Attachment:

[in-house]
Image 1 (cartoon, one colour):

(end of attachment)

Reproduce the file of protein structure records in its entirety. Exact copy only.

[in-house]
Image 1 (cartoon, one colour):